On Friday, Florida Gov. Ron DeSantis signed into law a new congressional map that promises to stretch the GOP's advantage in the Sunshine State from 16R-11D to a lopsided 20R-8D — all but wiping out Democrats' redistricting gains nationally. It's a dramatic turnaround from January, when Florida's GOP Senate passed a mostly status quo plan with strong bipartisan support — but not DeSantis's.

Democrats and civil rights groups are filing lawsuits, contending the DeSantis map violates both the state's "Fair Districts" anti-gerrymandering law and dilutes Black voting strength in violation of both state and federal VRA protections. But given the conservative domination of the state Supreme Court and recent rulings by the U.S. Supreme Court, it's very likely this map will remain in effect for 2022.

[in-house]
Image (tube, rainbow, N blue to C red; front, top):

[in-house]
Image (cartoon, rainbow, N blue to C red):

The map's most controversial aspect: it obliterates Democratic Rep. Al Lawson's plurality Black 5th CD, which stretches from Tallahassee to Jacksonville, replacing it with a GOP-leaning seat in the Jacksonville suburbs. There's been a Black access seat anchored by Jacksonville since 1992, and DeSantis's contention the existing 5th CD is a racial gerrymander

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